Reacting to hours-long waits and a host of other challenges to voting during the primary election, the Los Angeles County Board of Supervisors voted today to hire an independent consultant to help troubleshoot.
Supervisor Janice Hahn initiated the motion calling for a review of the county’s revamped voting system.
“We have to figure out how to fix this and to restore confidence … before November,” said Hahn, who represents the South Bay and Long Beach areas.
Addressing Registrar-Recorder/County Clerk Dean Logan, Hahn ran through a laundry list of complaints, including electronic poll books that didn’t sync properly, broken voting machines, centers without paper ballot supplies and poorly trained voting center workers putting in 12 to 18 hours of work on election day.
“A lot went wrong,” Hahn said.
Supervisor Kathryn Barger, who has supported Logan in the past, co-authored the motion and expressed her disappointment. “It’s disheartening … because people feel like they’re disenfranchised,” she said.
Thousands of voters during last Tuesday’s election were greeted with extensive lines at various vote centers across Los Angeles County. Some voters were still waiting in line past 11 p.m., more than three hours after the polls had technically closed.
State law requires that people be allowed to vote if they were in line prior to the polls closing.
Logan repeated an apology that he made on election night.
“I hear you and I hear the voices of our voters and our poll workers, and it was not the implementation we hoped it would be,” Logan said. “I regret that and I apologize to the voters who were impacted by that, and I apologize to the election workers who worked diligently under difficult circumstances and I apologize to your board.”
However, Logan also expressed confidence in the voting model and the new machines.
“I don’t think the answer is to give up on this. I think the answer is to get it right,” he told the board. “I believe that the voting model is a sound model and I believe that the system that we built … is also solid.”
Logan said long lines were caused by a bottleneck at check-in and syncing issues with the electronic poll records. That piece of equipment was a commercial off-the-shelf solution certified by the Secretary of State for use in California and similar problems were reported with the same equipment in St. Louis today, according to Logan.
He agreed that workers lacked the necessary training, including to provide on-site fixes as problems arose. Many voting centers were too small or lacked cell connectivity needed for equipment. Same-day voter registration also taxed the system, he said.
“We now have data that we didn’t have before,” Logan said.
Logan told the board he ultimately wanted to give them a full and complete report—validated by others—on the technology, but said his preliminary review showed that issues with the voting machines did not affect residents’ ability to vote.
The board offered some suggestions of their own.
“I would double the number of places that people can vote” Supervisor Sheila Kuehl said.
There were less than 1,000 voting centers open on election day, as compared with more than 4,500 polling places available during the last presidential primary election.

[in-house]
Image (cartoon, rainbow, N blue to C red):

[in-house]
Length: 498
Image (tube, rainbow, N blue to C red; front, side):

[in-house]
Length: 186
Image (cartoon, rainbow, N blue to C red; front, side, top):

Hahn and Kuehl both suggested limiting the early voting days to four rather than 11, given that voters didn’t seem to take advantage of the longer lead time.
California Secretary of State Alex Padilla called on Los Angeles County last week to automatically send vote-by-mail ballots to every voter in the county ahead of the November general election.
“Fifteen counties, including Los Angeles County, conducted their elections under the Voters Choice Act,” Padilla said in a statement. “In the 14 other Voters Choice Act counties, every voter received their ballot by mail 29 days in advance of the election and had multiple options for returning their ballot. Los Angeles must do the same.”
Logan said he wasn’t opposed to the idea, but pointed out that it would require mailing ballots to an estimated 2.5 million Los Angeles County voters who have never before requested a vote-by-mail ballot. That job couldn’t be done by the existing vote-by-email facility, he said.
Logan said he was looking into various options and that the decision to follow Padilla’s suggestion could be made by the board and would have to be made “soon” in order to get the work done by November.
Barger said that giving every potential voter a mail-in ballot was “like an insurance policy or safety net.”
Dozens of voters appeared before the board to share negative experiences. Many called for Logan’s resignation or firing. “Dean Logan needs to go,” said Melissa Michelson, who identified herself as a delegate for the Democratic Party.
Hahn questioned whether the contract terms would allow the county to recoup some of the $300 million it spent on the new system.
“I feel like getting my money back,” Hahn told Logan.
Supervisor Mark Ridley-Thomas was more supportive, asking Logan about an exit poll of 3,600 voters at 50 voting centers conducted by Loyola Marymount University with apparently positive findings.
In response, Logan said the poll was the largest per capita exit poll in the nation and the results support his conviction that the model and equipment are sound.
The exit poll methodology was posted online by LMU researchers, but the results were not immediately available.
The board directed the CEO to hire the consultant and Logan to report back in 45 days. Kuehl called for a faster response, but Hahn said she was more worried about accuracy than speed.
Logan said he would be working to regain the board’s confidence and noted that the county will be running elections in April, May and June.
“We have to move quickly,” Logan said.
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